Antibiotics are common therapeutic tools used in treatment and prevention of infections in both humans and animals. However, excessive and indiscriminate use of antibiotics in human healthcare and livestock production in the past few decades resulted in microbes that are resistant to these crucial antibiotics. As a result, treatments and therapies to antibiotic resistant infections are getting limited, longer, expensive and less safe. Researchers at Purdue veterinary medicine conduct both basic and translational research to tackle the crisis of antimicrobial resistance.
SECTION HEAD OF MICROBIOLOGY & IMMUNOLOGY
ASSOCIATE PROFESSOR OF MICROBIOLOGY
Contact Dr. Mohamed Saleem for more information
It is difficult to imagine an issue that summarizes the principles of One Health more than antimicrobial resistance does. Antimicrobial resistance does not recognize geographic or human-animal borders and addressing the rising threat of antimicrobial resistance requires a One Health-driven engagement. Our research is focused on developing new antimicrobials and on improved delivery of drugs for the treatment of infectious diseases that affect both humans and animals. The group also is developing an early detection and identification of a single bacterium/fungus in a complex environment. This development will shift the paradigm of diagnosis from a time-consuming, cultivation-dependent procedure to a culture-independent, in situ approach. Further clinical translation of the proposed technology would save patients’ lives with the early diagnosis of infection and accurate profiling of a pathogen’s susceptibility to antimicrobials.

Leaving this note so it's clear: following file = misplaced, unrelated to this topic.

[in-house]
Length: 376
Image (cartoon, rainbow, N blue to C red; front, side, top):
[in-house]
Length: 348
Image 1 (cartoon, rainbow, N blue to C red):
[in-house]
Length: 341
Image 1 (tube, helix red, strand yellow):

Dr. Sanjeev Narayanan
PROFESSOR AND HEAD, DEPARTMENT OF COMPARATIVE PATHOBIOLOGY
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Dr. Narayanan’s research focuses on cause and spread of antimicrobial resistance in gut microflora and food borne pathogens like E . Coli, Enterococcus and Salmonella using cattle feedlot industry as a model. His lab researches on developing new tools and practices to help reduce the use of antibiotics in food animals, which in turn affects human and environmental health through reduced spread of antibiotic resistance. Efforts are under way to replace antibiotic usage for important cattle diseases (eg. liver abscesses) with vaccines.
Lynn F. Guptill
ASSOCIATE PROFESSOR, SMALL ANIMAL INTERNAL MEDICINE; CO-SECTION HEAD, SMALL ANIMAL INTERNAL MEDICINE
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Dr. Jean Stiles
PROFESSOR, OPHTHALMOLOGY; SECTION HEAD, OPHTHALMOLOGY
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Dr. Deepti Pillai
CLINICAL ASSISTANT PROFESSOR, DIAGNOSTIC MICROBIOLOGY
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Dr. Kenitra Hammac
CLINICAL ASSISTANT PROFESSOR OF VETERINARY DIAGNOSTIC MICROBIOLOGY
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